This is my favorite July 4th-themed song. I am not one much for (so-called) “Independence Day.” I find it hard to celebrate a nation that prides itself on freedom when it is born of so many contradictions, limits freedom for its own people in mercenary ways, and works to crush the democratic agency of other nations when whoever is in charge considers it against “our” interest. I choke out that “our,” because I don’t feel like a part of that “our.” The people who speak for me have rarely if ever said what I would have to say on those issues.
But still, I really love this song, “Black Man” by Stevie Wonder. It is off of one of the best albums of all time, Songs in the Key of Life, which was released in 1976, the bicentennial year. The song mostly consists of a long listing of the accomplishments of people of different races in the United States. Things like heart surgery (black man), farm workers’ rights (brown man), incandescent light (white man), building the railroads (yellow man) are listed, but as you can see from the parentheticals, the way that Stevie identifies race is a little problematic. No one refers to (or at least no one probably should refer to) Asian people as “yellow” anymore.
But still, I understand what Stevie was trying to do. He wants to make sure that the narrative of American history includes all the people that are too often ignored, washed over or only added in as special cases. As he sings in the refrain, “we all must be given the liberty that we defend / For with justice not for all men / History will repeat again / It’s time we learned /This world was made for all men.”
So it is clear to me that Stevie is challenging traditional notions of not only white-washed American history and what kinds of accomplishments should be included in that narrative, but the very notion of nation itself, for he says “the world was meant for all men,” thus implicating the United States position in global politics and the ways that it protects its interests at the expense of others. The refrain is really a warning about denying people access to the mythical benefits of being an American, and by extension, not only American nationals, but all people.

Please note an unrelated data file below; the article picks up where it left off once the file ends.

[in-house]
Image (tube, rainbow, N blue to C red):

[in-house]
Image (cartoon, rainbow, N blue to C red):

This has recently come to light for me again in reading Juan Gonzalez’s Harvest of Empire: A History of Latinos in America. The book does a good job of highlighting the ways that American foreign policy has worked to undermine democratic movements in Latin America, in pursuit of is corporate interests and its obsessive anti-communist policies, ironically driving people to immigrate to the U.S. where they contribute to American society and the economy, but are too often treated as less than human, cheap labor to be exploited both economically and as political scapegoats.
The song’s problems aren’t limited to only its racial language, as it ignores any direct reference to the genocide and removal of indigenous peoples of the Americas to make way for our nation—in fact, Stevie goes so far as to list Sacajawea’s aid of Lewis and Clark as one of the positive contributions by “a red woman” to the U.S. However, despite this I like to read the bridge in a way that overcomes this. Stevie sings, “I know the birthday of a nation / is a time when the country celebrates / but as your hand touches your heart / remember we all played a part / in America to help that banner wave.” That “we all played a part” resonates with twofold meaning, because it also suggests a complicity in reinforcing the destructive foundational myths of nation when they benefit us, requiring a heightened sense of awareness about the dangers of buying into them.
The song is funky and fun and I particularly feel the remix I included above, so don’t get the idea that I trying to hate on it. As I have said many times, true criticism emerges from a place of love, not hate, and I do love this song. Its problematic aspects only serve as an opportunity for its listeners to critically engage with it, and understand that there is no position that is completely free of the need of contextual awareness.